In Seattle community gardening has taken on a new identity in the form of an “urban food forest”. The concept, within the 28,000 sq. meter space, is to have a self-sustaining edible park where city residents can freely go and harvest fruits and vegetables for free.

The landscape architects at Harrison Design are the principals behind the planning and design process, but have worked closely with the community for inputs. The overall goal of the Beacon Food Forest is to foster both permaculture and land stewardship techniques, within an urban context.

A food forest mimics a woodland ecosystem but aims to maximize the edible proportion. The upper canopy of the forest is comprised of larger fruit and nut trees, while underneath edible shrubs, perennials and annuals grow.  Due to the location being on a sloped hill sun exposure is efficiently utilized. Companions, or beneficial plants, are also included as tools for natural pest management, soil amendment, nitrogen fixing, and mulching. Together, these plant elements create a symbiotic relationship that forms a sustainable ecosystem, which thrives under minimal management, yet is capable of producing high yields.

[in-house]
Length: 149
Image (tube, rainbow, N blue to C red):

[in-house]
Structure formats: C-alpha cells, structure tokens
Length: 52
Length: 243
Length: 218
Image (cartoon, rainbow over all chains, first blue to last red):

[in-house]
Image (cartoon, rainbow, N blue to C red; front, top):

The food forest will provide opportunities for cultural exchange, education, and recreation. It includes an edible arboretum, a berry patch, nut grove, community garden, and children’s playground. The opening of the garden is in conjunction with the Food Action Initiative supported by Seattle City Council, which promotes the ongoing improvement of public health.